Aerospace firm Testia aims to train 1,400 in Newport

Aerospace is big business in Wales, employing 20,000 people across the country

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The next generation of expert aerospace engineers are to be trained in south Wales after a global company launched a new UK business.

EADS, which owns Airbus in Flintshire, hopes to recruit school leavers to join Testia, which will be based in Newport.

The company has already invested £1.4m in the new venture and says it hopes to be training 1,400 students a year within six years.

It plans to meet the training needs of the aerospace industry worldwide.

Testia said it chose Newport because of its good road and rail links and because there were so many aerospace companies in and around Wales.


What is important for Wales is that this investment is recognition that the country has a significant aerospace industry.

There are 20,000 people working across aerospace manufacturing, maintenance, repair and overhaul as well as support services.

Together they are worth around £1.2bn.

This investment also helps to consolidate and strengthen that for the future.

Testia said it chose Newport because of its good communications by road, rail and plane and because there are so many aerospace companies in and around Wales.

Those types of companies need continual training.

It also expects to train engineers from hundreds of suppliers and customers including GE at Nantgarw, Rolls Royce, global engineering group GKN, Airbus and the space company Astrium.

Regulations dictate that big aerospace companies have to send their staff to outside organisations for training in how to inspect equipment and machinery.

Testia chief executive Brian Hall said that made the new Newport company in effect a training school for the whole sector.

"We will bring people in at two levels," he said.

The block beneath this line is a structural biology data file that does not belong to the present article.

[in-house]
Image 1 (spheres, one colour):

"We will bring people in as school leavers and people who wish to embark on a career.

"But also we will bring people in from universities. Those will be the engineers of the future who will be looking at the materials we will be using.

"People will come in and go through an approved apprenticeship. They will come out with a qualification that's recognised not just by us but by the industry in general."

Testia Ltd already has sites in mainland Europe but this is the first in the UK.

EADS also owns the security firm Cassidian in Newport.

David Blackaby, professor of business and economics at Swansea University, told BBC Radio Wales: "You've got 20,000 people employed in that sector in Wales - a large supply chain - and that's why this company has decided to put a training facility in Wales.

"We know we have a problem of young people not in employment, education and training so this is going to take people from school and it's also going to take people from university.

"We know there's a direct correlation between skills, productivity, employment and growth - and so our own prosperity - and this sort of development is likely to raise the productivity of existing firms and is likely to attract new firms to the area."

Laurie Price, an aviation consultant with engineering and development consultancy Mott MacDonald, said the air transport industry was growing rapidly.

"Boeing came out at the weekend with the pronouncement that they are going to need something like half-a-million new engineers over the next 20 years to support all the new aircraft that both Boeing and Airbus are building, and others," he said.

"That could actually be a tripling over the next 30 years. You've got to have the engineers and the pilots to go with that so this initiative that's been taken in Wales is very, very timely to meet that."

He said a centre of excellence had been built in Wales and its reputation was good.

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